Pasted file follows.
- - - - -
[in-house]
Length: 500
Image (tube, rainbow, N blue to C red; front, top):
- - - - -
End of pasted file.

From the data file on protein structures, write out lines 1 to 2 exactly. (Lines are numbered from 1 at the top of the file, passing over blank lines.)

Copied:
[in-house]
Length: 500